NetworkX is appropriate for the procedure on enormous certifiable charts: e.g., diagrams of more than 20 billion nodes and 200 billion edges.[clarification needed] Due to its reliance on an unadulterated Python "word reference of word reference" information structure, NetworkX is a sensibly effective, entirely versatile, profoundly compact system for organization and informal organization examination.


On the off chance that the NetworkX package isn't introduced in your framework, you need to introduce it right away. You can install it by utilizing the accompanying command below:

The command above will introduce the NetworkX bundle in your framework. Presently, you are prepared to utilize it. Once in a while, the above order might give a blunder message. You are informed to utilize pip3 order rather regarding pip. It relies heavily on how your framework is designed.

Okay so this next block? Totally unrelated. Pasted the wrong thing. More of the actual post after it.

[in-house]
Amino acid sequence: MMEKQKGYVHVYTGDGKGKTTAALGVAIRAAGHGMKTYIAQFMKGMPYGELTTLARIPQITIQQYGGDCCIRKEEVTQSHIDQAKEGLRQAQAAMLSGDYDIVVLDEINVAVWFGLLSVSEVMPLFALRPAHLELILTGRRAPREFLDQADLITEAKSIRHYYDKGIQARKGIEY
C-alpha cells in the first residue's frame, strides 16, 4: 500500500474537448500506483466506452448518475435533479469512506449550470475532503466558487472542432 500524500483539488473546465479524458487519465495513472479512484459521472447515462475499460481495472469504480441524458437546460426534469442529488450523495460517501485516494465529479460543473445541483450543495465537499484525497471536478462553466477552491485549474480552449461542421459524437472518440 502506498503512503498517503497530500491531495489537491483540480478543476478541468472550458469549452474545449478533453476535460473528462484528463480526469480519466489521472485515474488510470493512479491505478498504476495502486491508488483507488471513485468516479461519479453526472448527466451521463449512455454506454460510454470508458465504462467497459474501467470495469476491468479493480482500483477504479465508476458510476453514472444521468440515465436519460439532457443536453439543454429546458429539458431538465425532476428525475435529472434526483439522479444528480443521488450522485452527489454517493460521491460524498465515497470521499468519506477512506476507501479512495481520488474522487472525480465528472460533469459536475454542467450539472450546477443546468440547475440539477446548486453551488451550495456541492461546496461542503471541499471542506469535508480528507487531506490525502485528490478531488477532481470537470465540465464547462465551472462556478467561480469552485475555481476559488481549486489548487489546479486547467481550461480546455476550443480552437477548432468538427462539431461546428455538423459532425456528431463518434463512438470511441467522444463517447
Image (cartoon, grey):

Importing the Library

You can utilize the 'networkx' module by bringing it utilizing the accompanying command:

Presently, the 'networkx' module is accessible with the reference 'nxx'. You can utilize any reference name; however, 'nxx' is the most regularly used reference for the 'networkx' module in Python.

Various Operations Performed using NetworkX Python Module

Creating a full empty graph

Use the accompanying command to create any empty graph

The command above will create an empty graph. An empty graph has an empty edge set and an empty vertex set.

To access the edge set and the vertex set of the graph G1, we can utilize the accompanying command: